We were featured in the March edition of the What's up yukon magazine, check it out here:
Atlin coffee is burning up the market
Having a wood-fired coffee roaster is more than just a gimmick—it’s good business sense for Philippe and Leandra Brient, co-owners of Atlin Mountain Coffee Roasters.
Sure, it fits with the idea people have of Northerners, all woodstoves and plaid lumberjackets, and it fits with the personal ethos of the couple, who try to limit the footprint they leave on the Earth, but it’s more than that.
Despite the learning curve that came with the machine, it’s just more reliable for the Brients than the alternative.
Because the couple’s home and roastery is located 12 kilometers outside of Atlin, they didn’t want to deal with a propane-powered roaster and the associated running back and forth to town for more fuel. Because they’re off-grid (while talking to What’s Up Yukon for this story, their phone dropped the connection a couple times), they didn’t want to rely on anything electric. When they started researching wood-burning options, they found one in Italy.
They knew it would be a change from what they’d learned on.
The Brients are self-taught. Six years ago, while running a coffee shop in Atlin, the hunt for fresher and fresher beans led them to try roasting themselves.
“We enjoyed that so much we closed our doors and went for the roasting part,” said Leandra.
They worked for a year with a small machine, until they outgrew it and ordered the 750 kg wood-burner they have now—the only one in Canada and one of only two in North America, they said.
Leandra said they had to re-learn everything about their craft when the heat source was wood. They were initially worried about efficiency, but found the roaster burns two pounds of wood per 22 pounds of roasted beans. They also wondered about the beans potentially taking on a smoky flavour, but the roaster protects against that. After that, they worked to figure out how to bring forward the flavours they wanted to focus on.
“There was some trial and error,” said Philippe.
“You (already) have to think about the origin of the beans, the temperature in the drum and then, roasting with wood heat, there's how pitchy the wood is,” said Leandra, noting they mostly use dead stand wood. “We had to learn through experimentation. The propane makes instant changes to heat input. With this, we always have to think a step ahead because it’s not instant. This is a different type of heat that’s applied too. It’s a dry heat.”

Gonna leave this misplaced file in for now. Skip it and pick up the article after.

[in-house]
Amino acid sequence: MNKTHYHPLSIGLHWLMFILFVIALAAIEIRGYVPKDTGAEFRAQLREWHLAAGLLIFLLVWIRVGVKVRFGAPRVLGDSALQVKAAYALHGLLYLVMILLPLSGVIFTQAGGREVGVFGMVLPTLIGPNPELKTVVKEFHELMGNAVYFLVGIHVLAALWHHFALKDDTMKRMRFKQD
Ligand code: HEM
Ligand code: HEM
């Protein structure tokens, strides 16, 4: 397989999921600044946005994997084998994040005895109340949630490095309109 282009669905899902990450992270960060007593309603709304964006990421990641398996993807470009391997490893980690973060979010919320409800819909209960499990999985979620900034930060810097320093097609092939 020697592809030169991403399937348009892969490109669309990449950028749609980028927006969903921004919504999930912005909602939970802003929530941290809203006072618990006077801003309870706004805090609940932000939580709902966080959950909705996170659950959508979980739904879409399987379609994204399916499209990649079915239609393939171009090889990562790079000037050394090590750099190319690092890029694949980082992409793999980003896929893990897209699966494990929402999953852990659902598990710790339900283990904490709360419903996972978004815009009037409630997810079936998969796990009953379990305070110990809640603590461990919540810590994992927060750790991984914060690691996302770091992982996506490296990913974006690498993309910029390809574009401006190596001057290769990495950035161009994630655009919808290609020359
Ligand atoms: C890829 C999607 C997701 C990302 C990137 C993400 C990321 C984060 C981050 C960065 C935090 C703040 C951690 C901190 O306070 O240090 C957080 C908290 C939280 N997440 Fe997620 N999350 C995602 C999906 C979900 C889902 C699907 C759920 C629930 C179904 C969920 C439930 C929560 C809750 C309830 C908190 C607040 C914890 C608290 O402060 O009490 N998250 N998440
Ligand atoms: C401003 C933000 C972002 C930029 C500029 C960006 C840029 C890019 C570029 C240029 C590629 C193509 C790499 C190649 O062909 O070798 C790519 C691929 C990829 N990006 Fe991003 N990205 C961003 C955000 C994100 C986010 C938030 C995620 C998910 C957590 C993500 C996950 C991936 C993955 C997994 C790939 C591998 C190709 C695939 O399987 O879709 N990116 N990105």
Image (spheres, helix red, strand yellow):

So far, they seem to have a handle on it. Philippe works part-time on the business in the winter and full-time in the summer. Leandra is full-time year-round, roasting a couple times a week.
In addition to selling at various events around the Yukon and B.C. each summer (if you’ve been to Atlin Music Festival they’ve likely helped you wake up after at least one poor night’s sleep in a tent), they sell through grocery and specialty stores as far south as Kelowna. Leandra credits word of mouth for their popularity.
They get their beans (there are 12 varieties) from Peru, Nicaragua, Columbia, Sumatra and Ethiopia. All are certified organic, fair-trade and come with rainforest alliance certifications.
They say their personal favourites change all the time. So do their techniques. They're constantly experimenting, trying to have fun and find new flavours.
“You can really be in tune with the coffee beans,” said Leandra. “It’s complex. A lot of things affect the roast of the bean.”
One of those things is how the beans are stored, They recently started aging them beans in whisky barrels, something that doesn’t result in whisky-flavoured coffee, said Leandra.
“They take the oak and vanilla notes from the whisky ... it adds a lot of character.”
They‘re curious to see what happens when they start doing the same with wine barrels later this year.